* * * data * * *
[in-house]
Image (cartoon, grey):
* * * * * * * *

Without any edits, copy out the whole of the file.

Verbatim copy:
[in-house]
Image (cartoon, grey):